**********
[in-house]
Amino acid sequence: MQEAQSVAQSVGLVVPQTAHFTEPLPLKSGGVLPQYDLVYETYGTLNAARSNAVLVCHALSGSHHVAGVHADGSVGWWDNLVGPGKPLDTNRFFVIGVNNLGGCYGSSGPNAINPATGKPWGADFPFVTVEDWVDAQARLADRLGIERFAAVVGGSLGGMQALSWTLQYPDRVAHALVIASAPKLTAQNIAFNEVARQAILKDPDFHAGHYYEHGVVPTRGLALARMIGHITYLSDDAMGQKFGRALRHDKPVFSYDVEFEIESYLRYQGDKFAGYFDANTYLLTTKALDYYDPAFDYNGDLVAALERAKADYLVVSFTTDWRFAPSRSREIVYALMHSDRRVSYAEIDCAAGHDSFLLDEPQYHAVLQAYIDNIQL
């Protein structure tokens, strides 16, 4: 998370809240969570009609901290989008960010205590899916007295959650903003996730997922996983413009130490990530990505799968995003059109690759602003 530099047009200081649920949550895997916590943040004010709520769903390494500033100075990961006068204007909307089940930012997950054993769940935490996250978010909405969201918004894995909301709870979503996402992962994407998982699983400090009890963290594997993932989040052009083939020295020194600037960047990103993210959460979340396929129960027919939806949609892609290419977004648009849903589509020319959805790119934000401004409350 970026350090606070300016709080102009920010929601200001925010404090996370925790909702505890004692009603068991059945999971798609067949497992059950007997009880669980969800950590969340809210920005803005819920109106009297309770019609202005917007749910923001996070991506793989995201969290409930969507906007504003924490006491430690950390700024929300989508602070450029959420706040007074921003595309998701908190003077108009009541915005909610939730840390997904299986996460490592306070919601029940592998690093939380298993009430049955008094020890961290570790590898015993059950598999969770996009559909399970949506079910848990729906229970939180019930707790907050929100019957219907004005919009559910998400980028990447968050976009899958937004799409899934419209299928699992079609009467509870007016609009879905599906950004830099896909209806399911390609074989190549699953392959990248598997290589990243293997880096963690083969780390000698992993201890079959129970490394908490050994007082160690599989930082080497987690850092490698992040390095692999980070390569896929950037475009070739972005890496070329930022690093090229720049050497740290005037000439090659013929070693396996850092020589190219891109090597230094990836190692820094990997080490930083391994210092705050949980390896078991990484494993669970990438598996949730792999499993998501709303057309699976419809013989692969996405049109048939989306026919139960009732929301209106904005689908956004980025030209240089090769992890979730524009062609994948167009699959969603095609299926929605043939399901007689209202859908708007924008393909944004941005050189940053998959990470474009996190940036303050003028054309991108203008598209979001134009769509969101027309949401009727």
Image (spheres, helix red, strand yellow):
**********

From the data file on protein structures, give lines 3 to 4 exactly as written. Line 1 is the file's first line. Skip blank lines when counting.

């Protein structure tokens, strides 16, 4: 998370809240969570009609901290989008960010205590899916007295959650903003996730997922996983413009130490990530990505799968995003059109690759602003 530099047009200081649920949550895997916590943040004010709520769903390494500033100075990961006068204007909307089940930012997950054993769940935490996250978010909405969201918004894995909301709870979503996402992962994407998982699983400090009890963290594997993932989040052009083939020295020194600037960047990103993210959460979340396929129960027919939806949609892609290419977004648009849903589509020319959805790119934000401004409350 970026350090606070300016709080102009920010929601200001925010404090996370925790909702505890004692009603068991059945999971798609067949497992059950007997009880669980969800950590969340809210920005803005819920109106009297309770019609202005917007749910923001996070991506793989995201969290409930969507906007504003924490006491430690950390700024929300989508602070450029959420706040007074921003595309998701908190003077108009009541915005909610939730840390997904299986996460490592306070919601029940592998690093939380298993009430049955008094020890961290570790590898015993059950598999969770996009559909399970949506079910848990729906229970939180019930707790907050929100019957219907004005919009559910998400980028990447968050976009899958937004799409899934419209299928699992079609009467509870007016609009879905599906950004830099896909209806399911390609074989190549699953392959990248598997290589990243293997880096963690083969780390000698992993201890079959129970490394908490050994007082160690599989930082080497987690850092490698992040390095692999980070390569896929950037475009070739972005890496070329930022690093090229720049050497740290005037000439090659013929070693396996850092020589190219891109090597230094990836190692820094990997080490930083391994210092705050949980390896078991990484494993669970990438598996949730792999499993998501709303057309699976419809013989692969996405049109048939989306026919139960009732929301209106904005689908956004980025030209240089090769992890979730524009062609994948167009699959969603095609299926929605043939399901007689209202859908708007924008393909944004941005050189940053998959990470474009996190940036303050003028054309991108203008598209979001134009769509969101027309949401009727």
Image (spheres, helix red, strand yellow):